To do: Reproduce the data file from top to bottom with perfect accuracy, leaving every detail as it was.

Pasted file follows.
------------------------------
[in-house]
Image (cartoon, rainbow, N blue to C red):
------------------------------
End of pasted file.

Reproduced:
[in-house]
Image (cartoon, rainbow, N blue to C red):